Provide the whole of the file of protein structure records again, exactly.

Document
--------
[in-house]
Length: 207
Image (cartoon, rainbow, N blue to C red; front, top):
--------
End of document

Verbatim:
[in-house]
Length: 207
Image (cartoon, rainbow, N blue to C red; front, top):